Pharmaceutical, Biomedical and Veterinary Sciences

Research priorities - Faculty of Pharmaceutical, Biomedical and Veterinary Sciences

Research priorities

In 2010 the University of Antwerp defined nine research priorities, drawing together the areas of both fundamental and applied research in which the University of Antwerp has built up long-standing expertise and an international reputation for excellence.  These priorities help determine research funding needs and identify partnerships in industry. In addition to the nine research priorities there are also three growth points, which may be future priorities.
 
The Faculty of Pharmaceutical, Biomedical and Veterinary Sciences conducts research in five of these nine priority fields and in two of the three growth points:

Priority: Drug Research

Drug research consists of a sequence of innovative processes. In the preclinical phase it investigates targets and active substances, and this is followed by preclinical drug development. Drug research ends with a clinical study among patients.  Research in the Faculty of Pharmaceutical, Biomedical and Veterinary Sciences focuses on the preclinical phase of drug development.
 
A large portion of the research carried out in these fields is covered by the Antwerp Drug Discovery Network (ADDN), which the World Health Organization (WHO) recognises as a Reference Centre.
 
Faculty research groups involved
Bio-Imaging Lab
Physiopharmacology
Galenic and Industrial Pharmacy and Biopharmacy
Laboratory for Microbiology, Parasitology and Hygiene (LMPH)
Laboratory for Pharmacognosy, Functional Food and Pharmaceutical Analysis
Medicinal Chemistry
Medical Biochemistry
Pathophysiology 

Priority: Neurosciences

The University of Antwerp has a long-standing tradition of carrying out neuroscientific research. In 1933, the Born-Bunge Institute was founded at the university by Professor Ludo van Bogaert, a pioneer in the field of clinical neurosciences. Together with the Department of Molecular Genetics at the Flemish Institute for Biotechnology, the Born-Bunge Institute has been the Centre of Excellence in Molecular and Clinical Neurosciences (NEURO) since 2006, led by pioneer in Alzheimer's research Christine van Broeckhoven. NEURO conducts research into the pathophysiological processes which underpin neurodegenerative diseases such as Alzheimer's, Parkinson's, frontotemporal dementia, multiple sclerosis and other related diseases.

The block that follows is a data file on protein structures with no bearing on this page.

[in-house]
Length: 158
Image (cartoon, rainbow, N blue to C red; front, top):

However, the research carried out in this priority area extends even further than the research done at NEURO. Several well-equipped laboratories are conducting both fundamental and applied research into complementary or related research areas, such as neuroplasticity and cognitive and behavioural neurosciences.
 
The University of Antwerp's extensive expertise in neurosciences is also reflected in its educational programmes: The Faculty of Pharmaceutical, Biomedical and Veterinary Sciences offers students the chance to specialise in Neurosciences as part of the Biomedical Sciences programme.
 
Involved research clusters from the Faculty of Pharmaceutical, Biomedical and Veterinary Sciences
Bio-Imaging Lab
Cell Biology and Histology
Medical Genetics cluster
VIB - Department of Molecular Genetics cluster
Laboratory of Molecular Biophysics, Physiology and Pharmacology
Laboratory for Theoretical Neurobiology and Neuroengineering
Neurochemistry and Behaviour
 
Core Facilities involved
Antwerp Biobank
Genetic Service Facility
Biomedical Microscopic Imaging
Bio-Imaging Lab

Priority: Imaging